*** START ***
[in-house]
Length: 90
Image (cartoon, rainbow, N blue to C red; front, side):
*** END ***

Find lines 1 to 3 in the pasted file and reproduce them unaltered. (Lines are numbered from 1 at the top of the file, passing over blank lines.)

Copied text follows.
[in-house]
Length: 90
Image (cartoon, rainbow, N blue to C red; front, side):